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The Courtauld Institute of Art

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Meg de Milo

April 2, 2016

 

In the 1997 movie Hercules, there is an amusing scene (for an art history student at least) in which Hercules skims a rock across a pond, accidently knocking the arms off a female sculpture. Meg looks at the sculpture for a moment and says: 'It looks better that way. It really does.' The altered sculpture is of course, the Venus de Milo, wittily inserted in her white and fragmented state, into this Disney cartoon. 

 

Watching Hercules again has revealed a whole host of these pretty hilarious Classical winks that were most definitely lost on my younger ears - 'Indoor plumbing: it’s gonna be big' or '…that Oedipus thing! Man, I thought I had problems!' and my particular favourite 'You wanna buy a sundial?' Here Disney uses the mythological, yet surprisingly modern nature of the Classical to reassert order to the franchise which had been dwindling in recent years.  

 

It is Meg's character however that I find most intriguing in its use of the classical. Meg straddles the boundary between a typical Disney Princess and something entirely other. At first she is instantly recognisable as a Disney girl, her eyes are huge (and purple) and her waist minute. However, Meg has an undeniable sex appeal, the likes of which have not been seen before or since in a Disney film. Disney Princesses before Meg had been youthful, doe eyed and achingly virginal so I suppose I always pegged Meg's sex appeal to her being the only Disney love interest to have had previous relationships. It is also aided by her being a bit of a rebel, working her charms for Hades in a weirdly pimp/prostitute dynamic. However, I now believe this has much to do with the undeniable stylistic link between Meg and Venus – the  Western world's original sex symbol.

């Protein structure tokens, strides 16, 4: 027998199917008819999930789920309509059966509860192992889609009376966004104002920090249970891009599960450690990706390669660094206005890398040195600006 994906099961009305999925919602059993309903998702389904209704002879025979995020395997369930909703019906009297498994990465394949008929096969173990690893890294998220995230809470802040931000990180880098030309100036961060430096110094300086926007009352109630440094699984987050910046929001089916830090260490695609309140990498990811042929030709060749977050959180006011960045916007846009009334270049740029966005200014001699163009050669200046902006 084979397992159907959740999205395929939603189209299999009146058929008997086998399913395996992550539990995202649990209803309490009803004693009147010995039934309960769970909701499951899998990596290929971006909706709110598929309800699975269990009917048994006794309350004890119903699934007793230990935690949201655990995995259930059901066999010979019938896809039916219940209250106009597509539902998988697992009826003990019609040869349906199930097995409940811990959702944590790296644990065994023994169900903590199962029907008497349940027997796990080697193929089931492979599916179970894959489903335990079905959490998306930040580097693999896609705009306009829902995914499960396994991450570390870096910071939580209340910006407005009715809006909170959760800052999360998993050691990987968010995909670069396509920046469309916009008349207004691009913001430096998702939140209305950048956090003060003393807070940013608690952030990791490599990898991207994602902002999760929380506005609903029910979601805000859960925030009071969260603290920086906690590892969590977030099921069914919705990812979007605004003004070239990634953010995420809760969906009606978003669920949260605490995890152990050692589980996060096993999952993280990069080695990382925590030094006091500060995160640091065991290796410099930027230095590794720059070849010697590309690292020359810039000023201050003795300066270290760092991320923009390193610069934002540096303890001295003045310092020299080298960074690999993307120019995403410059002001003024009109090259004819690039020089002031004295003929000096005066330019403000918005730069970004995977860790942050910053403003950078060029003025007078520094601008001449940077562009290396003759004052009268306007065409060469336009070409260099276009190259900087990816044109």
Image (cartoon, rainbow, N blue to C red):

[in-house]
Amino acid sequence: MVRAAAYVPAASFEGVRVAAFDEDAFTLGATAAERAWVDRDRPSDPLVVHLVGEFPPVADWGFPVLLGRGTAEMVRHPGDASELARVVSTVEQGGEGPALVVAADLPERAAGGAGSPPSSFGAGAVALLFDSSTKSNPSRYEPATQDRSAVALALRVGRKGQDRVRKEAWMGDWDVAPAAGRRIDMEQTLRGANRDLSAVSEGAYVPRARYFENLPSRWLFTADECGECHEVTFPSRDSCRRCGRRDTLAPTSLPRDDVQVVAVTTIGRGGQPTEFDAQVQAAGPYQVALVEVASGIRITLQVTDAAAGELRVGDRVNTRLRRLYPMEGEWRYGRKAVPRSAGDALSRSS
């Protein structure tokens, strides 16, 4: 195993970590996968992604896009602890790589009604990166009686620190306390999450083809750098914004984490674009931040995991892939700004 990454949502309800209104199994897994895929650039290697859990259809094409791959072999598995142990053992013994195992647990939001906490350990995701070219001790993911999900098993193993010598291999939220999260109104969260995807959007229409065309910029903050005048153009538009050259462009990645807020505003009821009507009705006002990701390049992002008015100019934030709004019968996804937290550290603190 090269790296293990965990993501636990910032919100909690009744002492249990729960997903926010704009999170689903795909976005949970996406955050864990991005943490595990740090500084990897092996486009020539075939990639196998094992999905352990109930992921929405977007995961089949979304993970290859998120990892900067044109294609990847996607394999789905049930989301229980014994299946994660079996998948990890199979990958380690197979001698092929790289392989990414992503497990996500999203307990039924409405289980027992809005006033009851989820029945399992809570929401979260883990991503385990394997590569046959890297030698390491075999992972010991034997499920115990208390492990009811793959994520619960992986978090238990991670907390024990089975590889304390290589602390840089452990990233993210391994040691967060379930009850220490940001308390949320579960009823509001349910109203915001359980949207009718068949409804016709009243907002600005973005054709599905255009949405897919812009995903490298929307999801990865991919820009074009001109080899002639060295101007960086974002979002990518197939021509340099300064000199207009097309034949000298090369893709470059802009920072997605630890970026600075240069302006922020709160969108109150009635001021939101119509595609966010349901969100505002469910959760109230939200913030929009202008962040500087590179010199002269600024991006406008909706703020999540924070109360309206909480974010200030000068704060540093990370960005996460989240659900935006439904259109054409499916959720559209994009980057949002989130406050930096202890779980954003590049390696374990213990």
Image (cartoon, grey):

Unlike any previous Disney princesses (and many subsequent ones) Meg’s dress is tight. Whereas Belle and Cinderella wear full skirts and long sleeves (even when poor), Meg’s dress does little hide what lies beneath – a trick used in many statues of Venus, where her clothes only served to emphasise her form. Meg's body too is altered from the typical format. Much like the Venus de Milo, Meg’s torso has been almost comically extended and her hips widened, the sash at her waist only exaggerating this and her perpetual Praxitelian contrapposto. She appears at once waifish and fertile. Again like the Venus de Milo, Meg’s hair is up but coming loose. Throughout the film, her hair and clothes teeter on becoming undone, her voluminous fringe spiralling over her face, causing even Hercules to become uncomfortably aroused. Typically Venus was often depicted in situations where nudity and titillation would be expected and thus she is often depicted crouched whilst bathing, rinsing her hair or adjusting a sandal. The scene of Meg and Hercules's meeting just happens to involve Meg getting dropped in a river where she immediately goes about drying her hair and crouching to adjust her shoes - 'I'm a big tough girl. I tie my own sandals and everything.' 

 

Meg's flawed and sarcastic nature ensured her a firm place in my heart, but obviously proved too much for Disney. Despite using the mythological Princess Megara as the model for Meg's character, Meg was never canonised as a true Disney Princess. A year later in 1998, Mulan, who is neither Princess in the film nor in life, was welcomed to the roster showing that Meg's rejection was based on different grounds. By excluding Meg, Disney affirmed that Meg is an unsuitable role model for little girls. Fraternising with boys (plural) and with a brief stint to the dark-side, Meg was just far to real for 1997. I believe it is this however, that gives Hercules the power to stand the test of time, allowing it, almost 20 years on, to feel as fresh as the day it was made. 

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